I’m in Tbilisi, Georgia, for three weeks. When I return to the states, I’ll go to the office for one day. And then I’m done. The sabbatical begins.
What was I thinking? I’ve got too much work to do before I begin My Year Away. But, alas, I’m here. Tbilisi makes me discombobulated. It’s a collision of Old World and New. Soviet influences and democratic ideals. Breathtaking scenery and traffic-jamming pollution. Mouthwatering organic, locally grown food and cigarette choking-smoke everywhere. The language doesn’t look or sound like anything I’ve seen before. I’ve been here 10 days now, and I’ve had my days. But once I realized I could create a routine, it’s been better.
On days I teach, it’s easy. I get up. Have breakfast. Work a bit. Walk 45 minutes to school. Get ready for class. Teach. Walk 45 minutes back to hotel. Eat dinner. Go to bed.
On days I don’t teach, I get up. Have breakfast. Work a bit. Walk 45 minutes in a different direction than I would go if I were going to the school. I walk up the hill to a Georgian bakery where the baker does not speak a word of English, but now recognizes me and, I think, is glad to see me. I give him a one gel coin (about 56 cents) and he gives me several coins back. Then he hands me a loaf of gigantic, straight-from-the-oven Georgian bread. I stop at the corner apothecary and buy a big bottle of Borjormi (very strong seltzer water) and an itsy-bitsy slice of Georgian cheese (as small as I can convince the counter girl to cut it since she doesn’t speak English either and seems confused on why I want such a teeny piece). I work in the afternoon at my desk with the French door open. Then I walk again. Eat dinner. Watch an hour of Discovery channel (the only channel in English; it only seems to air “Baggage Battles” and “Dirty Money”). I take care of some work issues back in South Carolina (with an eight-hour difference, the best time to communicate for me is in the evening). Then I drift to sleep as I think about the next day.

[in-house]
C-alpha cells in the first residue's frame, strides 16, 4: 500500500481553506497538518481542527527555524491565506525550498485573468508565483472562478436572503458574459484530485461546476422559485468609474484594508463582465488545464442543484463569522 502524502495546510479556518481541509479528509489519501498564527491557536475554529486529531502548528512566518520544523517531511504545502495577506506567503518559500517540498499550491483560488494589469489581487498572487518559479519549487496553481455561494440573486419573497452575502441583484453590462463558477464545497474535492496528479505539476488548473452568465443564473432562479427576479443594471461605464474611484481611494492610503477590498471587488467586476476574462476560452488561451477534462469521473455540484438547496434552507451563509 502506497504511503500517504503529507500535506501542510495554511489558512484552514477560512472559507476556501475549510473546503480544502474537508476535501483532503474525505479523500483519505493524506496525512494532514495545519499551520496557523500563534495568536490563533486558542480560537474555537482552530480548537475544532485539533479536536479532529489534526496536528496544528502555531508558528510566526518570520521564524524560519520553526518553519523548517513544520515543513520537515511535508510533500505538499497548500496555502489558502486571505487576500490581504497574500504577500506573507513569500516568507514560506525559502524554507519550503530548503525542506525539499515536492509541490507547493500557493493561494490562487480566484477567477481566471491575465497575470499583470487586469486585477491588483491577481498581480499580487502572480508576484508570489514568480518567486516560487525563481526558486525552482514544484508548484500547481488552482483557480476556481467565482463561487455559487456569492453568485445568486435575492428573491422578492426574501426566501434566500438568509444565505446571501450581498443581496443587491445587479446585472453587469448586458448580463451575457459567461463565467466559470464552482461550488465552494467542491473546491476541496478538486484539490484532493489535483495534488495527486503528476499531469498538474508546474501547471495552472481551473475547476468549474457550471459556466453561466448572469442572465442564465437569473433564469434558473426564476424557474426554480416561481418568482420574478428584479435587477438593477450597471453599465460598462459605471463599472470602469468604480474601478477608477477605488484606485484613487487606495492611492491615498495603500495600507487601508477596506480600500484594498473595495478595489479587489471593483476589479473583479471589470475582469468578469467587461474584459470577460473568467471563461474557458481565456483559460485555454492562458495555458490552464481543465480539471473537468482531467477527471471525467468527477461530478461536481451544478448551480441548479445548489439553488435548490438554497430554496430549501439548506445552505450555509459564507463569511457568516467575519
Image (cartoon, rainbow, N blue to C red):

I suppose it’s not the worst way to live. But, it’s strange. On days I don’t teach, I don’t talk. There is no one to talk to. And while everyone wants to be helpful, it’s not like the South where you “Hey, how are you?” to every passerby.
Perhaps this is good practice for My Year Away.
I realize that I’ve created a good routine that is helping me do my work the best way I can in the situation I am currently experiencing. And I’m noticing the world in ways I might not when I have everything instantaneously at my fingers. While I’m working at my desk, I look out at the high-rise apartments that surround my hotel. Most of the windows are open. In one apartment, someone practices the piano. I think she is better than she was 10 days ago. In another apartment I see a woman hanging clothes to dry. In others, women wash windows. Lots of people wash windows here.
On my way to the school, I see the same hunched-over women clad in black, sitting on the steps of the underground walkways, hands outstretched, holding a note that I can’t read. I put coins in some of their hands, hoping that it helps.
I see the same workers at restaurants I’ve visited in the evenings, sweeping and washing windows, waiting for customers. I see the parking monitors ready to help five cars fit in parking spaces made for two. I see the same teeny Smart car that doubles as a coffee shop, parked and ready for business.
I miss South Carolina. I still have work to do to finish up my administrative duties there. But I can tell the change is in progress. Faculty have clearly begun to make the adjustment to the new administrative team.
When I return at the end of June, I’ll have to carve out a new routine. I hope this time in Tbilisi is helping me get ready for the change. Meanwhile, as they say in Georgia, “კარგია.” Seriously. This is what they say.